While this passage definitely touches on one of the major problems in the time of Jesus: they were more concerned for ritual and rules than people. It also shows how much regard Jesus had for the people who needed His love and mercy. That man had been ill for some time and had not even asked for help. Jesus could have very easily waited until the next day to heal the man, but He saw no reason to let him suffer even another moment. For the Jews, the man’s illness was most likely considered a right punishment from God. They probably thought he’d done something wrong to deserve the disability. They saw him as a weed, unworthy of anything but negative attention.
Yet, Jesus saw that man as a beloved child of God who needed God’s healing touch. We may not be able to display the same incredible power as Jesus did, restoring people’s bodies that were wracked with disease. However, we have an even greater power: the power of God to bring healing and peace to the lives of those lost in this world. By the grace of God we have the Gospel message of forgiveness to proclaim which brings light into the darkness and life to those who are dead. We might prefer to ignore some folk, thinking them nothing but weeds. Yet, God sees them as a beautiful flower, one that is worthy of our love and compassion. He saw the same in us.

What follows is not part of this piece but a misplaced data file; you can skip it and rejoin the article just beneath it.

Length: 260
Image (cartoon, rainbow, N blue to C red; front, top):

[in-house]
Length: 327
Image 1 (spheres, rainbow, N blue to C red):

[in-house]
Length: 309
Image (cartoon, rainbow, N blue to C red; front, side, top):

The following links provide some specially chosen scripture that tell the stories of the Birth and Passion of our Lord as Saviour Jesus Christ, as well as a fictional perspective of the Crucifixion. Spend time in God's Word, read about His life and learn of the wonderful gifts He has for you. Know Jesus Christ and honour Him today. Thanks be to God.